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1 December 2010 Single Vaccination Provides Limited Protection to Ducks and Geese Against H5N1 High Pathogenicity Avian Influenza Virus
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Abstract

Since 2002, high pathogenicity avian influenza (HPAI) has spread from Asia to Europe and into Africa, causing the largest epizootic of HPAI of the last 50 yr, including infecting domestic and wild waterfowl. Our study was conducted to investigate whether a single vaccination of 7-day-old domestic ducks and geese with inactivated oil emulsion vaccines resulted in protection against HPAI virus challenge at 30 days of age. In ducks, some but not all vaccines decreased oropharyngeal and cloacal viral shedding for different periods postchallenge when compared with the sham group. In geese, decreased morbidity signs and mortality were noted but limited to some vaccines. Best protection was seen with a vaccine homologous to HPAI challenge virus. Limited decreases in oropharyngeal and cloacal viral shedding and mixed results were attained when looking at seroconversion. Our results indicate a single dose of oil-emulsified vaccine optimized for chickens did not provide adequate protection for ducks and geese against HPAI virus, and, at a minimum, additional research is needed to formulate waterfowl-specific vaccines.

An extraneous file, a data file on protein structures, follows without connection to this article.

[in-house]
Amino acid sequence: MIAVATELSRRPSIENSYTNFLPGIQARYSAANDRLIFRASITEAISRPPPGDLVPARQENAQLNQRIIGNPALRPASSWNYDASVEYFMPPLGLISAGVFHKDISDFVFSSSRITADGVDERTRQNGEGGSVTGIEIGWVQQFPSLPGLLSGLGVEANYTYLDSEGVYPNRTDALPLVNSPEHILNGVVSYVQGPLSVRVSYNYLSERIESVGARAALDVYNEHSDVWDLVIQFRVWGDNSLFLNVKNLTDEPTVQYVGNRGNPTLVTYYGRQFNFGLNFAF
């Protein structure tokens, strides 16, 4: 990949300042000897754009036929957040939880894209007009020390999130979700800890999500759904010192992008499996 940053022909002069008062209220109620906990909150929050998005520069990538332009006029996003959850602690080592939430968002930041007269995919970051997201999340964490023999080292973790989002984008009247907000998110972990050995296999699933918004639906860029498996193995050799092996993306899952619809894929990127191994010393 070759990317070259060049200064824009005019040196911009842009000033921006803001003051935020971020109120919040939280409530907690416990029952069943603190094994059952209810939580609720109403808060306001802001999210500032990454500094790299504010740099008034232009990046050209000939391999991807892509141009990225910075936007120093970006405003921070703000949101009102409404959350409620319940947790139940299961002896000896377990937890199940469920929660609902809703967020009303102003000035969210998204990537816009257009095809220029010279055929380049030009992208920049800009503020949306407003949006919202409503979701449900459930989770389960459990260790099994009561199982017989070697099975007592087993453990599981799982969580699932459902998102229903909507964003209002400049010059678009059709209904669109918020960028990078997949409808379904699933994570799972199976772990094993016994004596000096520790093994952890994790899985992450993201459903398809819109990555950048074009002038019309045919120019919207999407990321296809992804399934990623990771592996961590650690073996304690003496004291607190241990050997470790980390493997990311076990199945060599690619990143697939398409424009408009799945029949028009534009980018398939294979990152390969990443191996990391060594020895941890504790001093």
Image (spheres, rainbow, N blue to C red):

Dawn Eggert and David E. Swayne "Single Vaccination Provides Limited Protection to Ducks and Geese Against H5N1 High Pathogenicity Avian Influenza Virus," Avian Diseases 54(4), (1 December 2010). https://doi.org/10.1637/9410-052810-Reg.1
Received: 31 May 2010; Accepted: 1 July 2010; Published: 1 December 2010
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